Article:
Vital Renovation Project Gears Up
DCTC takes major step to help eliminate Minnesota’s skills gap
The Transportation and Emerging Technologies Renovation Project at Dakota County Technical College targets Minnesota’s skills gap—a gap intensified by increasing employer demand for highly trained workers along with projected declines in postsecondary education levels attained by the state’s citizens. The college’s renovation project will help meet Minnesota’s need for a superbly skilled workforce by better preparing career-conscious students for the high-wage, high-skill, high-demand jobs that advance the state’s economy, including careers in STEM-related fields. STEM is a U.S. government acronym for fields of study in Science, Technology, Engineering and Mathematics.
Made possible by $7.23 million in state funding, the renovation project eliminates $3.5 million in deferred maintenance and reduces the college’s Facilities Condition Index from .29 to .22 while cutting energy consumption by as much as 30 percent. Phase 1 of the project is scheduled to begin on the college’s Rosemount campus in spring 2013. Phase 2, which requires $6.9 million in additional funding, is slated for 2014.
Kelly Murtaugh, DCTC vice president of academic and student affairs, reported that the college community is exceedingly grateful for the state support and thrilled to take action on a project that is long overdue. “We need this renovation to address workforce challenges in the region,” Murtaugh said. “With improvements that go deeper than just lights and brights, the renovation will create a safer, more efficient environment for teaching and learning. The completed project will give DCTC the edge we need to deliver up-to-the-minute technical training in labs that match or exceed industry standards.”
Murtaugh added that the project also gives the college the capacity to anticipate and adapt to future changes in the job market. “We are building in the flexibility we need to react to rapidly emerging workforce trends. As an institution of higher learning—and especially as a technical college—DCTC can’t afford to move at a glacial pace. We have to be ready to serve our students by offering training that meets the changing needs of business and industry. That means we need to plan for what we know we don’t know regarding what types of jobs will be critical ten or twenty years down the road.”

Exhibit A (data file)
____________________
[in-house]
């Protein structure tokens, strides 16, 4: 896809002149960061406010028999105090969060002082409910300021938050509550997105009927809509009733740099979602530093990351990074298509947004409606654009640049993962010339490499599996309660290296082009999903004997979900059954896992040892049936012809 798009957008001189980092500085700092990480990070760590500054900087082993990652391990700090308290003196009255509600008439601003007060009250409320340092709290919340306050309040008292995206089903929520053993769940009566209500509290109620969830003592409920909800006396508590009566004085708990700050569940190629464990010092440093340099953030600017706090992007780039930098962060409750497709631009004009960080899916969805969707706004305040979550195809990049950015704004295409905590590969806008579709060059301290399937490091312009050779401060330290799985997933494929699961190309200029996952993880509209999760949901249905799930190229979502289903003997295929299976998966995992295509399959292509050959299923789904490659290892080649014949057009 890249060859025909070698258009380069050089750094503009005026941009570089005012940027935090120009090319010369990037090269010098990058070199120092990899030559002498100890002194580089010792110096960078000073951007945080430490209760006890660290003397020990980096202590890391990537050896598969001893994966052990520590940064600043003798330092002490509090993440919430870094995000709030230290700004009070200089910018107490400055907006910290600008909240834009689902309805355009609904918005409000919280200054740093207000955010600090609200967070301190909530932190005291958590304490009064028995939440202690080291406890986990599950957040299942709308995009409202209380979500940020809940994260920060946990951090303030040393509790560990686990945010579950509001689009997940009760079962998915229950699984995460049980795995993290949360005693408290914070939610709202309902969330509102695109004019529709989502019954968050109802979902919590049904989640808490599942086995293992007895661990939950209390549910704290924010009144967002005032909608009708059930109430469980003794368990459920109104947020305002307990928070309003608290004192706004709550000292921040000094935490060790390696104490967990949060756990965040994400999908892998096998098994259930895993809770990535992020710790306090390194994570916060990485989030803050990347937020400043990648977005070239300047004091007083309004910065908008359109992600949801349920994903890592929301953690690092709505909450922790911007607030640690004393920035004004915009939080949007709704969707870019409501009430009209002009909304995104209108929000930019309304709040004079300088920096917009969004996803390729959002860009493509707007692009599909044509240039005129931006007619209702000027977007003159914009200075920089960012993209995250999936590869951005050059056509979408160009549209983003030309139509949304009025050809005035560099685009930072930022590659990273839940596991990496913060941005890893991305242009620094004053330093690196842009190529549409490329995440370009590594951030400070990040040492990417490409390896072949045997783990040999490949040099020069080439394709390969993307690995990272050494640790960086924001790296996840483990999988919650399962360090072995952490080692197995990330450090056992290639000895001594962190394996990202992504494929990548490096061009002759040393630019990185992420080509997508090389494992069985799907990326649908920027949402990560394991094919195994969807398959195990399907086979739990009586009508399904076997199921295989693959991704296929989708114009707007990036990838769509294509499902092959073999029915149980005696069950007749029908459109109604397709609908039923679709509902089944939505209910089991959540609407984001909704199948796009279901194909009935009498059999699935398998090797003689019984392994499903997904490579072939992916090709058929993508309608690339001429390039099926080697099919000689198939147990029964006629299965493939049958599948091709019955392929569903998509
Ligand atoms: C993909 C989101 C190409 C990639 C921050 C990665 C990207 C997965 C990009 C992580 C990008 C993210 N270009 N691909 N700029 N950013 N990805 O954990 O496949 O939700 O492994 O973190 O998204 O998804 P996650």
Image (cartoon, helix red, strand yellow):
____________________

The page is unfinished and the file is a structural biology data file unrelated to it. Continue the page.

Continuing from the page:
Paul DeMuth, the college’s director of operations, emphasized efficiency and sustainability as fundamental features of the renovation project. “We will be replacing eight obsolete HV units in the transportation shops with four brand-new units that will use half the energy,” DeMuth said. “We will be installing a new electrical substation that will supply power to the entire southeast quadrant of the campus with a fifty percent savings in energy.”
The previously landlocked Welding Technology lab will be relocated to the outer perimeter of the main building, providing the program’s faculty and students with far better air quality and outside access to regularly delivered supplies and equipment. Other programs receiving deep-tier enhancements in Phase 1 are GM ASEP, Automotive Technician and Auto Body Collision Technology. Equipment and facility space sharing between programs, also known as coring, along with new, nonspecific classrooms will also greatly increase efficiency.
“We are making improvements at all levels both visible and behind the scenes,” DeMuth added. “The finished areas will be exactly like the brightly lit, freshly painted, user-friendly, technologically relevant, thoroughly safe work settings found in the most modern industry shops and facilities.”
Phase 2 will bring similar improvements to the Heavy Duty Truck Technology, Electrical Construction and Maintenance Technology, Heavy Construction Equipment Technology and Nanoscience Technology programs as well as ISD 917 shop space. The main commons area will also receive a complete remodel. All aspects of the renovation project will incorporate sustainable building practices and green materials wherever possible.
Brian Kelley is an education group manager at TKDA, the nationwide firm taking on the architectural design aspects of the renovation project. Kelley reported that TKDA and DCTC have a long, enjoyable history of working together on important college projects. “We are excited to move forward with this much-needed renovation,” he said. “We are going to make impressive enhancements to the aesthetics of the transportation and emerging technologies areas on the Rosemount campus, but even more importantly we are going behind the walls to create crucial upgrades in terms of safety, efficiency and industry relevance.”
For more details about different aspects of the project, visit DCTC Transportation and Emerging Technologies Renovation Project, or contact:
- Paul DeMuth
Director of Operations